Washington — Top officials from the Obama administration and the U.S. Congress will welcome an estimated 25,000 delegates and media representatives on their way to the U.S. capital for the XIX International AIDS Conference July 22–27.
The White House announced July 17 that President Obama will address the conference with a video message, expressing his belief that the world is at a critical moment in the fight against HIV/AIDS.
“We can beat this disease. We can win this fight,” said President Obama in his World AIDS Day address in December 2011. “We just have to keep at it, steady, persistent — today, tomorrow, every day until we get to zero.”
In a November 2011 speech, Secretary of State Hillary Rodham Clinton expressed the belief that the emergence of an AIDS-free generation could be on the horizon. She will be among the speakers to address the conference, according to the White House announcement, and is expected to urge conference delegates to provide greater support for efforts to expand recent scientific advances in both treatment and prevention.
The International AIDS Society (IAS) — composed of more than 16,000 individuals working with the disease in some capacity — sponsors the biennial conference, the largest meeting focused solely on this disease. IAS members who have kept close watch on the advances in prevention and the search for a cure seem to concur with U.S. officials that a special moment has arrived.
“The past few years have been a scientific watershed in the life of the HIV/AIDS epidemic,” said Elly Katabira, IAS president and international chairwoman of the conference, “one that has given us the tools to potentially make major inroads into the epidemic on an unprecedented scale.”
The IAS has chosen a conference theme in sync with that aspiration: "Turning the Tide Together."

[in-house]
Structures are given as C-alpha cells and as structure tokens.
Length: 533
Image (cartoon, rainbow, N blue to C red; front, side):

About 34 million people are believed to be infected with HIV. While the latest annual figures from 2010 show a decline in deaths and new infections, the total number of lives claimed by the epidemic over the last 30 years stands at an estimated 30 million.
Other Obama administration officials who will speak at the conference include those from the health agencies on the front lines of the effort to control the HIV/AIDS epidemic domestically and internationally. They include Department of Health and Human Services Secretary Kathleen Sibelius and Global AIDS Ambassador Eric Goosby.
Leading officials from the National Institutes of Health will also make presentations to the conference, outlining the scientific advances made by the research institution. Notably, they include advances in prevention, treatment outcomes and HIV diagnosis.
The United States has played a leading role in global research on the disease. In fact, government documents say the U.S. AIDS research portfolio represents the largest and most significant public investment in AIDS research in the world.
The United States Congress has played a strong supporting role in the international assistance that the nation has provided to address the epidemic globally. U.S. Senators John Kerry and Lindsey Graham and Representatives Nancy Pelosi and Barbara Lee are set to speak at a high-level session, according to an announcement from the IAS organizing committee, AIDS 2012.
Since 2004, the United States has devoted $45.7 billion to the President’s Emergency Plan for AIDS Relief (PEPFAR), which assists nations experiencing the greatest suffering from HIV/AIDS, many of them in sub-Saharan Africa. The administration of President George W. Bush initially proposed the program and carried it through its first five years. The Obama administration, with congressional endorsement, has increased the level of funding.
The IAS is attracting further star power to the conference. British rocker and humanitarian Elton John is on the speakers list as the principal donor to the Elton John AIDS Foundation. Actresses Whoopi Goldberg and Sharon Stone are also making appearances.